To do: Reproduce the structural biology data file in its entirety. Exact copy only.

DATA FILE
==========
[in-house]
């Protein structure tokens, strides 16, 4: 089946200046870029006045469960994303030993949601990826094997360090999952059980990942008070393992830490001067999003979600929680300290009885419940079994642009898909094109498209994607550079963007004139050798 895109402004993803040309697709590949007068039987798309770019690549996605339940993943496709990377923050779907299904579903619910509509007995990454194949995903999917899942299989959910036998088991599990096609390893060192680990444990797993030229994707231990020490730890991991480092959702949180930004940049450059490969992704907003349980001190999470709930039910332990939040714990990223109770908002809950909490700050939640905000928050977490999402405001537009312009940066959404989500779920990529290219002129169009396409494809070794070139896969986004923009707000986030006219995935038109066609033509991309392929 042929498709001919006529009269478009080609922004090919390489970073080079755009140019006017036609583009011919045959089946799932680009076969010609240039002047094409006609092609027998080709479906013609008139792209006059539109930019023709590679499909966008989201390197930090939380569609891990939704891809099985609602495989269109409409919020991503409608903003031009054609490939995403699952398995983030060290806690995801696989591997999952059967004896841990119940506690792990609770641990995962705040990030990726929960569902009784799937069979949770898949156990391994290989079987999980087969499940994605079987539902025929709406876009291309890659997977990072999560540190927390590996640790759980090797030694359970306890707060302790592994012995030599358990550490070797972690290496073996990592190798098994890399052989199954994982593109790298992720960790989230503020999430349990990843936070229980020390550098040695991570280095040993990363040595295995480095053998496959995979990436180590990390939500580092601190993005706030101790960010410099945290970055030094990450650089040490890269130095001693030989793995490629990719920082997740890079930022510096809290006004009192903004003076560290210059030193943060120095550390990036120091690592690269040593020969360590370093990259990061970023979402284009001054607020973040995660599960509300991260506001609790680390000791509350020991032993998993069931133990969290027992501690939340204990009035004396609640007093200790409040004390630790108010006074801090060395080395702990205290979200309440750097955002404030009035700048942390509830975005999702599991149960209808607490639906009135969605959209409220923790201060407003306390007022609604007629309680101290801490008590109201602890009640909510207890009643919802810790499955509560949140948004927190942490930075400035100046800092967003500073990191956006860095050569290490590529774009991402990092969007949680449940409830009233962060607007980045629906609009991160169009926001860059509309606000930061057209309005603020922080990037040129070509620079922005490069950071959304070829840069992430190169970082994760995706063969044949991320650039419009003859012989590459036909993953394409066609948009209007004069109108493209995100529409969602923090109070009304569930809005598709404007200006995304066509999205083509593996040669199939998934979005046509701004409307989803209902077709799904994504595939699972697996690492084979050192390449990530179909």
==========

[in-house]
């Protein structure tokens, strides 16, 4: 089946200046870029006045469960994303030993949601990826094997360090999952059980990942008070393992830490001067999003979600929680300290009885419940079994642009898909094109498209994607550079963007004139050798 895109402004993803040309697709590949007068039987798309770019690549996605339940993943496709990377923050779907299904579903619910509509007995990454194949995903999917899942299989959910036998088991599990096609390893060192680990444990797993030229994707231990020490730890991991480092959702949180930004940049450059490969992704907003349980001190999470709930039910332990939040714990990223109770908002809950909490700050939640905000928050977490999402405001537009312009940066959404989500779920990529290219002129169009396409494809070794070139896969986004923009707000986030006219995935038109066609033509991309392929 042929498709001919006529009269478009080609922004090919390489970073080079755009140019006017036609583009011919045959089946799932680009076969010609240039002047094409006609092609027998080709479906013609008139792209006059539109930019023709590679499909966008989201390197930090939380569609891990939704891809099985609602495989269109409409919020991503409608903003031009054609490939995403699952398995983030060290806690995801696989591997999952059967004896841990119940506690792990609770641990995962705040990030990726929960569902009784799937069979949770898949156990391994290989079987999980087969499940994605079987539902025929709406876009291309890659997977990072999560540190927390590996640790759980090797030694359970306890707060302790592994012995030599358990550490070797972690290496073996990592190798098994890399052989199954994982593109790298992720960790989230503020999430349990990843936070229980020390550098040695991570280095040993990363040595295995480095053998496959995979990436180590990390939500580092601190993005706030101790960010410099945290970055030094990450650089040490890269130095001693030989793995490629990719920082997740890079930022510096809290006004009192903004003076560290210059030193943060120095550390990036120091690592690269040593020969360590370093990259990061970023979402284009001054607020973040995660599960509300991260506001609790680390000791509350020991032993998993069931133990969290027992501690939340204990009035004396609640007093200790409040004390630790108010006074801090060395080395702990205290979200309440750097955002404030009035700048942390509830975005999702599991149960209808607490639906009135969605959209409220923790201060407003306390007022609604007629309680101290801490008590109201602890009640909510207890009643919802810790499955509560949140948004927190942490930075400035100046800092967003500073990191956006860095050569290490590529774009991402990092969007949680449940409830009233962060607007980045629906609009991160169009926001860059509309606000930061057209309005603020922080990037040129070509620079922005490069950071959304070829840069992430190169970082994760995706063969044949991320650039419009003859012989590459036909993953394409066609948009209007004069109108493209995100529409969602923090109070009304569930809005598709404007200006995304066509999205083509593996040669199939998934979005046509701004409307989803209902077709799904994504595939699972697996690492084979050192390449990530179909």